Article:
I will start this by saying that I am, and I have always been, a huge fan of James Wan from his writing to his directing and to his producing. Whenever I see his name, I know I’m probably going to enjoy what I’m watching.
Since I do adore him so much, what is love without some constructive criticism?
Before I go any further, I will explicitly say that I am aware of all of the credited positions in Annabelle, and I am aware that James Wan was a producer, not a director or writer, for this film. That doesn’t mean that I didn’t see hints of Wan’s work sprinkled here and there throughout Annabelle, but I would consider these to be homages to Wan and of course to The Conjuring, of which Annabelle is a prequel of sorts.
I’ll probably start there. Annabelle is being promoted as a prequel to The Conjuring, but I think it would be better promoted as its own entity. While the Annabelle doll did have a small part in The Conjuring, it didn’t play too large of a role in the overall plot of that film. It feels more like Annabelle is just being connected to The Conjuring because of the massive success that The Conjuring had last year. The font used in the title is the same in both Annabelle and The Conjuring, and the paranormal investigating couple is briefly mentioned in Annabelle, but other than that, there really isn’t much similarity.
This is just my opinion, but I think if they wanted to tie Annabelle in as a sequel to The Conjuring in a more solid way, then Ed and Lorraine Warren should have had a larger role. This would have tied the movies together in a more comprehensible way. I’m not sure if this is really what they were going for when writing Annabelle, or if it’s just a marketing ploy, but I personally would not refer to Annabelle as a prequel in any way.
Now onto the actual specifics of Annabelle. It is a decent movie. I was thoroughly scared in the theater. I wouldn’t say that it’s original or groundbreaking in any way though.
The story is typical of a traditional paranormal horror movie. An attractive young couple goes through a traumatizing event, finds themselves haunted, moves into a different house and still remains haunted. It’s a solid idea, but it’s nothing new.
My main problem with the story was with character development. Our attractive couple doesn’t really have a lot going for them other than being the attractive couple. Mia (the wife) has a thing for porcelain dolls and John (the husband) is a struggling medical student turned doctor, but other than that, they’re kind of boring. It’s hard to connect with them because it’s hard to see them as anything more than cookie-cutter characters.
There is a side character, played by Alfre Woodard, who is completely contrived to feed the fire about demons and spirits and to save the attractive couple. Genuinely, the only time we are treated to her back story is to give context for the ending of the film. It felt like a wasted (and quite frankly stereotypical) opportunity for me with a story arc that was a bit obvious from the character’s first introduction.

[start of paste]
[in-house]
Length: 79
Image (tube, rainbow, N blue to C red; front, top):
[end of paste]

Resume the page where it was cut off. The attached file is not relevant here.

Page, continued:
Despite these problems with characters, the movie has some pretty terrifying stuff. This can really be broken down into about three parts that really stick with you, and unfortunately one of those is included in the trailers. The most terrifying scene for me personally included a basement, an elevator, and an antique baby carriage.
In more of a production sense, I was having some problems in the beginning of the film. The editing seemed too mechanical for me, and it was too fast for the dialogue that was being presented. Even the camera angles during this entire section of the film just didn’t fit the situation. Shots were dollying in, tracking to the left and the right and basically just not remaining still. If the movie was actively trying to show something eerie while this was happening, it would have worked fine, but it was for character introductions and small talk dialogue. It didn’t sit very well with me.
The most positive things I have to say about this movie is that the sound design, costume design, and art direction were pretty fabulous. It all blends together to create a mood that genuinely fits the late 60s, and provides an immersive and scary experience. Also, Annabelle herself is perfect. Any shot with her in it is scary without even having to try. She has a very good design.
Overall, Annabelle is a decent movie, but I wouldn’t rush out to the theater to see it. As of this review, it’s set to be number one in the box office during its opening weekend, surpassing the highly anticipated Gone Girl, most likely due to it’s use of The Conjuring in its promotion.
I would predict that this name dropping and comparison to The Conjuring will probably hurt Annabelle in the long run because the two movies really don’t compare. As a stand alone film, Annabelle probably would have fared decently over time, but instead it will always have to be in The Conjuring’s shadow.